8 Things that Happen When You Work in Office that Teachers Will Never Understand

Did you know that some people actually get an HOUR for lunch?!?!

teacher day

At the end of the school year, I had an awakening. It all started when I left school in the middle of the day to run an errand as the senior class advisor. Unbeknownst to me, I was about to enter the world of the unknown, the world of the normal adult workday.

I’ve never paid much attention to what other adults do during the workday. During the summer, I’m not working myself, so I don’t give workers much thought. It wasn’t until I had the chance to mimic a “regular” adult during the workday that I started to notice some unusual things. As I sat in the local coffee shop waiting for my lunch and instinctively checking my watch with that nervous twitch that I’ve developed in anticipation of a bell going off in the middle of a bite, here were some of my thoughts: Do they always take so much time to eat lunch? Wow, they talk a lot. Was that a swear word?

I decided to do some investigative work. Here are some of the differences I uncovered in a teacher day vs. any other workday.

1. They talk to other adults.

Conversations about your favorite dinosaur or the best college major are fine for one day but try to entertain these conversations day in and day out for 180 days. Try asking your lawyer cousin if he’s ever really seen a fly wearing a tie down the bay, and then be prepared for looks of concern and confusion. Why? Because adults in other professions talk to other adults all day long, and unless they have small children, they are not likely fluent in “teacher talk.”

 

2. Speaking of talking, they finish those conversations.

Have you ever had a conversation with another adult while your eyes are locked in on someone else, yet the other person continues talking as if you’re making normal eye contact? If so, you’re definitely a teacher. As a teacher, you’re usually too busy multi-tasking and watching for potentially misbehaving students to have a real conversation from start to finish.

This doesn’t happen to people in the “real world.” They just causally look each other in the eye and converse back and forth until their conservation is finished!

 

3. They take sick days when they’re sick.

No one sucks it up when they’re sick like teachers. When adults in other professions are sick, they’re actually told to stay home by their bosses and colleagues. They simply take a sick day when they’re sick. There’s no reason to make a detailed plan for someone else to fill their shoes for the following day, and there’s no worry that they can’t find someone to take their place in their absence. For most adults, their work just gets put on halt for a day.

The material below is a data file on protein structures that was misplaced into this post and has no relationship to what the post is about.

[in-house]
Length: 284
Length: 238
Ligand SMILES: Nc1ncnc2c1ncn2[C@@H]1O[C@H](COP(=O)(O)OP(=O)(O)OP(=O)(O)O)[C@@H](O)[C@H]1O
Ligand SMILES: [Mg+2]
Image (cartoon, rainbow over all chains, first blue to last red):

4. And when they come back to work after being sick, they don’t have a mess to clean up.

Is there any other profession that requires workers to have substitutes? For most working adults, they never have to experience the dreaded substitute note with records all of the mishaps you’ll have to fix when you get back to work.

 

5. They eat and actually taste their food.

Almost all working adults that I have encountered have an hour long lunch break. I know the look on your face right now, and I’m making it too. Enough said.

 

6. They use “adult language.”

SHUT THE FRONT DOOR! People in the real world swear at work? (See what I did there?) Naturally, this one is all about context, but the bottom line is that other adults don’t worry about their coworker’s mom calling them up because they slipped and said a**.

 

7. They pee when nature calls.

Just when you thought you mastered the three-minute, between-bell conservation, nature calls. One longer-than-necessary student story, one “What did I miss yesterday?,” one co-worker phone call, and your time is up. You can’t leave your students unattended or interrupt your lesson flow. Will you ever get to go? It can be agonizing. Here’s a fact that may sting so brace yourself: people who work in the “real world” just go pee whenever they have to go.

 

8. They don’t get a summer break.

Sure, this list makes a typical adult workday seem like a walk in the park compared to teaching, but if it’s any consolation, they don’t get a summer break.

 

Jenna Copper

Posted by Jenna Copper

Jenna Copper is a full-time high school English teacher and a part-time English professor with a Ph.D. in Education. You can follow her daily teaching tidbits on Instagram @doc_cop. She blogs at www.doccopteaching.com.

One Comment

  1. Kathleen Miller

    I realized the truth about 1 hour lunches several years ago when I started eating lunch with my mother at her assisted living facility. My plate would always be clean, while she and her friends at our table would have perhaps finished a third of theirs. I also regularly finish dinner ahead of my husband, something I never did before I became a teacher.